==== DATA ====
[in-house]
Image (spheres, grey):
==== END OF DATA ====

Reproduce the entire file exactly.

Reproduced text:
[in-house]
Image (spheres, grey):